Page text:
As the allegations against former Willow Creek Community Church senior pastor Bill Hybels mount, his congregation is trying to cope—spiritually and practically.
During services Sunday (April 22), Steve Carter, the church's lead teaching pastor, recalled standing onstage less than two weeks ago with church elders and praying over Hybels, who has denied several accusations of misconduct with women.
Carter told the congregation how he watched the founding pastor of the Chicago-area megachurch walk offstage afterward—and keep going.
This past Sunday, Carter, standing on that same stage, his voice breaking at times, delivered a message about Joshua, who, in the Bible, succeeded Moses to lead the Israelites into the Promised Land.
Carter said he felt a "profound sense of sadness" because "we were supposed to enter the promised land together. There was more work to be done."
But like Joshua, he continued, God was calling the congregation to be strong and courageous.
"I believe that God has given us this moment, that he's been preparing us for this. ... Right now, while the world is watching, how will a church respond to these circumstances?" Carter asked the congregation.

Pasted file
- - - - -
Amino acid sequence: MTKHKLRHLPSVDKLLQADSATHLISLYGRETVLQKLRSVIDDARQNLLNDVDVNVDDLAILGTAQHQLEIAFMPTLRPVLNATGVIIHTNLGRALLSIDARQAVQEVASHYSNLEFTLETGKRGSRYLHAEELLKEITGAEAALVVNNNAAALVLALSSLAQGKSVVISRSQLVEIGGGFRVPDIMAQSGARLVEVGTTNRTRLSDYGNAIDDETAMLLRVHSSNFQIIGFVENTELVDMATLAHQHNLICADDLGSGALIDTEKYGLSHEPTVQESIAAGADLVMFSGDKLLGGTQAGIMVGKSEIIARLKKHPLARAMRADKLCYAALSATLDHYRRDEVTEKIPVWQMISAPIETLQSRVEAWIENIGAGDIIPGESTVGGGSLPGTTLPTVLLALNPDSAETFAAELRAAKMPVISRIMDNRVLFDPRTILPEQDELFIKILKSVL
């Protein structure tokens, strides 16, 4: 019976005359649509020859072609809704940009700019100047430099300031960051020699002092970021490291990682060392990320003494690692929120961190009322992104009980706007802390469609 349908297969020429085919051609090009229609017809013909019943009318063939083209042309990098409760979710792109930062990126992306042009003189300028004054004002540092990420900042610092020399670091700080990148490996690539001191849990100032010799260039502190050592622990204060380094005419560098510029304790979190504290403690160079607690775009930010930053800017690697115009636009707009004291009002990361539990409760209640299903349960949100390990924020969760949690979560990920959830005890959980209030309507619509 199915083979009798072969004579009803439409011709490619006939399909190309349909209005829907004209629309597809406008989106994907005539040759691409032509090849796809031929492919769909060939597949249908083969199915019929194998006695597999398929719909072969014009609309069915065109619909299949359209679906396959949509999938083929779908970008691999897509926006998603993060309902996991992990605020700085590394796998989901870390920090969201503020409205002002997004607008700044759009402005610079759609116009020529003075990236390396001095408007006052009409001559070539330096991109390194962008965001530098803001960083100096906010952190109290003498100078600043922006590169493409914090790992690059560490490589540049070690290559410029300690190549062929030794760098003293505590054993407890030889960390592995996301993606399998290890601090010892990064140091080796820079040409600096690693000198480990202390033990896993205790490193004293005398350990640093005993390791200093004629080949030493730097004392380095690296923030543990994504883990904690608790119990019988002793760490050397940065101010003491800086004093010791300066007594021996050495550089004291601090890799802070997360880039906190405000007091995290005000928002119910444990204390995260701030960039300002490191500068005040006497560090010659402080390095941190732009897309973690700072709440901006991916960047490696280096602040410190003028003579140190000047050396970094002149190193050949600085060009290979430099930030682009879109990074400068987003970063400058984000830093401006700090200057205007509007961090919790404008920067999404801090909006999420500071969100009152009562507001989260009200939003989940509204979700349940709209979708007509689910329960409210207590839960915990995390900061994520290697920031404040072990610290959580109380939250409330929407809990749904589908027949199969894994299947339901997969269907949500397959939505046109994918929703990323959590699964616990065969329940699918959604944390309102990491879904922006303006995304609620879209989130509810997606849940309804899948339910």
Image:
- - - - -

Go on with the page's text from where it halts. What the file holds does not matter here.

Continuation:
"This is our black swan moment. How many black swans does it take to prove they exist? Just one, and this is our time."
The moment comes as Willow Creek's board of elders released a letter to church members Friday announcing it will "examine" new allegations against Hybels and "respectfully reach out to each woman who has made an accusation," according to the Chicago Tribune.
Christianity Today reported several new allegations over the weekend, including claims from Maureen Girkins, former president of Zondervan, which published many of Hybels' books. Girkins alleged Hybels made comments about her appearance and pressured her to spend time with him alone, even insisting they work out the terms of a publishing contract on his private jet—without her husband, who had been hospitalized during a conference they were attending.
They follow a number of accounts, first revealed in a Tribune investigation, from women in his congregation and on its staff chronicling invitations to hotel rooms, comments about appearances, uncomfortably long hugs and an unwanted kiss. One unnamed woman also said she had a consensual affair with Hybels, though she later denied it when contacted by an elder.
Previous investigations by elders and a lawyer specializing in workplace issues had cleared Hybels of any misconduct, according to the Tribune investigation.
At least seven women now have accused Hybels of acting inappropriately with women and abusing his power as head of Willow Creek, by Christianity Today's tally. The influential megachurch has eight locations in the Chicago area, including a 7,000-seat worship center at its main campus in South Barrington and the Willow Creek Association, a nonprofit focused on leadership development.
Hybels resigned earlier this month following the Tribune investigation—several months ahead of his planned retirement. He has denied all accusations, calling them "flat-out lies."
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